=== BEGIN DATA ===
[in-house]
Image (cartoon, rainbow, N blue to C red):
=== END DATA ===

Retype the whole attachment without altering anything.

[in-house]
Image (cartoon, rainbow, N blue to C red):